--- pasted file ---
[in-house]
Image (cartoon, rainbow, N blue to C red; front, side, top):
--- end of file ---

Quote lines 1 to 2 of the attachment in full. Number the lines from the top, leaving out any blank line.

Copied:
[in-house]
Image (cartoon, rainbow, N blue to C red; front, side, top):